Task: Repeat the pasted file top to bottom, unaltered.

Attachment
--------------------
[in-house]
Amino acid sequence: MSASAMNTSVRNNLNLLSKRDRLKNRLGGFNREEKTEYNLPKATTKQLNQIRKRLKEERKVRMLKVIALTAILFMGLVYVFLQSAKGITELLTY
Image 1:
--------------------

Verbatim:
[in-house]
Amino acid sequence: MSASAMNTSVRNNLNLLSKRDRLKNRLGGFNREEKTEYNLPKATTKQLNQIRKRLKEERKVRMLKVIALTAILFMGLVYVFLQSAKGITELLTY
Image 1: